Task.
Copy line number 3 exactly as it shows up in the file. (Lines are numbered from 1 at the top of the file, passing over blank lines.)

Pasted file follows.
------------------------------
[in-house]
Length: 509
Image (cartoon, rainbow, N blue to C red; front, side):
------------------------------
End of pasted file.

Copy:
Image (cartoon, rainbow, N blue to C red; front, side):